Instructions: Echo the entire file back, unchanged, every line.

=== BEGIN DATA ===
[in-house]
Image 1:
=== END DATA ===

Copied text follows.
[in-house]
Image 1: